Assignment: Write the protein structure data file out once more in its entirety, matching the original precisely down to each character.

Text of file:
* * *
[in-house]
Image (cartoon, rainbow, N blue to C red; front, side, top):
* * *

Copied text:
[in-house]
Image (cartoon, rainbow, N blue to C red; front, side, top):